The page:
Life review interventions have been used to alleviate psycho-spiritual distress in people near the end of life. However, their effectiveness remains inconclusive.Aim:
To evaluate the effects of therapeutic life review on spiritual well-being, psychological distress, and quality of life in patients with terminal or advanced cancer.Design:
A systematic review according to the Preferred Reporting Items for Systematic Reviews and Meta-Analyses methodology.Data sources:
Five databases were searched from their respective inception through February 2017 for relevant randomized controlled trials. The effects of therapeutic life review were pooled across the trials. Standardized mean differences were calculated for the pooled effects. Heterogeneity was assessed using the I2 test. Study quality was assessed using the Cochrane criteria.Results:
Eight randomized controlled trials met the inclusion criteria. The pooled results suggested a desirable effect of therapeutic life review on the meaning of life domain of spiritual well-being (standardized mean difference = 0.33; 95% confidence interval, 0.12 to 0.53), general distress (standardized mean difference = −0.32; 95% confidence interval, −0.55 to −0.09), and overall quality of life (standardized mean difference = 0.35; 95% confidence interval, 0.15 to 0.56) when compared to usual care only. Of the three outcomes examined, only the pooled effect on overall quality of life remained statistically significant at follow-ups up to 3 months after the intervention (standardized mean difference = 0.82; 95% confidence interval, 0.47 to 1.18).Conclusions:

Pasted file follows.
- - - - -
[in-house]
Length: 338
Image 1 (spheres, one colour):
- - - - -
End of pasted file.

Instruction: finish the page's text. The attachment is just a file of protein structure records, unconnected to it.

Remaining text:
Therapeutic life review is potentially beneficial for people near the end of life. However, the results should be interpreted with caution due to the limited number of randomized controlled trials and associated methodological weaknesses. Further rigorously designed randomized controlled trials are warranted.